I have several (really, a lot) of programs to compute different images for my article, amusement, anything. And all of them require a change-and-try approach for zooming. The first I wrote needed to be finished quickly… so I just hard-coded in the source the parameters. And this program turned to be the basis for all others… And now each zoom requires some calculations and recompile.
A time ago I decided to do something about it. I wanted something to interact with my programs, as
- they are already written,
- most of them use pvm to work using 2 (or more) cores,
- I want it cross-platform.
To the cross-platform part… I thought about a purely programming thing: either Tcl/Tk, maybe Glade, or use some Tcl bindings for Lisp and an interactor in pure Lisp, to a kind of web app… All seemed too cumbersome, or strange. And then it dawned on me: emacs.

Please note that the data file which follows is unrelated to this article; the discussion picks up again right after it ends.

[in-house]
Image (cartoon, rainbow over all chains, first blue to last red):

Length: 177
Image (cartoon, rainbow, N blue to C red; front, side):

Emacs can open images, has a full blown lisp dialect, can interact with those images… with the mouse… Here is what the beta does.
Drag and drop and zoom!
Load the image, and after a “drag and drop” on it, it is assumed you want to zoom that “square” (from edge to edge, turning it into a square). And reloads in the same buffer. Of course, the full-blown project is much much more exciting, with more options and what-not. But I have little time, and programming for work and programming for enjoyment is hard to combine.
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